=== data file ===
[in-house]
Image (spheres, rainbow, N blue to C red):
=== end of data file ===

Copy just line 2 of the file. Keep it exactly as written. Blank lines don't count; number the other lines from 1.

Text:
Image (spheres, rainbow, N blue to C red):